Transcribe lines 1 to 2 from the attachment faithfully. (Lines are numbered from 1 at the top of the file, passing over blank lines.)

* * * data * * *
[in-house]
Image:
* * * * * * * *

[in-house]
Image: